We are in a world in which wealth is power, and that power is leveraged right around the world to buy democracies. The most insidious thing that democracies face is, effectively, a plutocracy which buys political favour and political leverage through making massive donations to political parties and individuals. It is something that we have to bring to an end. If we really believe in the fundamental principle of democracy being one person, one vote, one value, then we have to ensure that people have an equal say in a democracy. You cannot do that if millions of dollars are being passed into the political system and that ultimately means that those who have the most money have the most power. That defrauds democracy. There is a very big challenge here to stop that process. This planet is in real trouble because of the power of the wealthy elites. They have their sway not only through autocracies, and that means through political systems that have dictatorships or police state regimes, but also through democracies.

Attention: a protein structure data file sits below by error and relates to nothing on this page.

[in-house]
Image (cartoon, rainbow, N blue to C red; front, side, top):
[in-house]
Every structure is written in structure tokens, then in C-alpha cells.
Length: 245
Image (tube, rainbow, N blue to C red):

It is a massive challenge for us, a century later, to act on the fears of American President Cleveland when he saw the mounting influence that corporations were having on Washington. One has to worry about President Obama, and all the hopes of the world that go with his new presidency, as he faces 80,000 political lobbyists, backed by a huge amount of money and not least by entities like the armaments industry. They pervert and corrupt the political system and the ability of democracies to carry out the highest tenet of the inherent hope of democracy—which is to give some sense of equality and a fair go to all citizens who work and live under a democracy and whose hopes are based on the democratic system.